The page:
About 3 in 4 global company marketers agree that customer lifetime value (CLV) is an important concept for their organization, according to a new report from Econsultancy and Sitecore. As part of the study, marketers were asked to identify the tactics and strategies that have been found most effective for enhancing CLV to-date, along with the most effective tools for today and tomorrow.
According to company respondents, the most effective tactic to-date for increasing CLV has been improvement to customer services (42% citing as a top-3 tactic), with personalized interactions (34%), cross-selling/up-selling (29%), more effective use of data (26%) and customer segmentation/personas (24%) also in the mix. Fewer (18%) pointed to loyalty programs and improved pricing for repeat purchases (15%) as effective strategies.
Agency respondents for the most part agreed with company respondents, citing personalized interactions (34%) and improvements to customer services (34%) as their top tactics. But they were more enthusiastic about loyalty programs (31%) than their in-house counterparts, while being less so about cross-selling and up-selling. The analysts hypothesize that the respondents’ profiles could lead to agencies’ more positive view coming “mainly from a data mining perspective, while brands’ perceptions are more multifaceted.”
When it came time to identify the most effective tools to enhance CLV today, the leading response was one that has often eluded marketers: a single customer view. Close to one-third of company respondents indicated this to be one of their 3 most effective tools today; others also pointed to customer experience management solutions/platforms (28%), strong interaction between online and offline channels (27%) and a dedicated retention team (25%).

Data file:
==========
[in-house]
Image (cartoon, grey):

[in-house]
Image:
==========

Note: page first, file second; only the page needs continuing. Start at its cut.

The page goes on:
Interestingly, much-buzzed-about topics such as a focus on smartphone and tablet experience (15%) and use of product or service by influencers (13%) don’t seem to resonate with marketers – at least when it comes to increasing CLV today.
As for future strategies? Company respondents were most likely to see an improved customer experience (62%) as lending itself to an enhanced CLV. That’s not surprising; it’s logical to expect that customers who have better experiences will prove more loyal in the future. Indeed, improving the customer experience (CX) has been a recurring theme this year; earlier, company respondents to an Econsultancy survey named customer experience their single most exciting opportunity of the year, and more recent survey results indicate that large companies are bullish about the prospects for increased business results from their customer experience efforts, with a strong majority planning to spend more to attain those results.
Beyond CX, company marketers expect that better use of data (52%), better customer insight, such as that single customer view (50%) and increased personalization (50%) will do the trick. Once again, an increased focus on mobile channels (20%) appears to be less of a factor, though presumably improving the mobile experience counts towards the overall improved customer experience marketers are shooting for.
Increasing CLV through the various outlined tactics and strategies also requires overcoming current hindrances. According to company marketers, those primarily lie in siloed organizations lacking a coherent approach to marketing (35% citing as a top-3 challenge) and poor systems/integration hindering customer experience (34%). (For their part, agencies cited these as their top-2 also, though in reverse order.)
Another, more basic, problem challenging marketers’ ability to increase CLV? An inability to measure it, cited by 27% of company respondents as a top-3 hindrance. In fact, elsewhere in the report, just 42% of respondents strongly (11%) or somewhat (31%) agreed that they are able to measure customer lifetime value. Clearly this will have to be an area of focus if marketers are to figure out what works and what doesn’t.
About the Data: There were almost 900 respondents to the research, which took the form of an online survey in October and November 2013. More than half (53%) of survey respondents work for client-side organizations, while 46% work for agencies, vendors or specialist consultancies. Some 45% are based in the UK, with another 22% based elsewhere in Europe. The retail sector (22%) was the most heavily represented, followed by technology, media and telecoms (19%).